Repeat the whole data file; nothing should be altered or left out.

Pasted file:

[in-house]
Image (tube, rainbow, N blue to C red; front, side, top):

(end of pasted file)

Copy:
[in-house]
Image (tube, rainbow, N blue to C red; front, side, top):